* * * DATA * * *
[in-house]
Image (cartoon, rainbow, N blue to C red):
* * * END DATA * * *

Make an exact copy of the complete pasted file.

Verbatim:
[in-house]
Image (cartoon, rainbow, N blue to C red):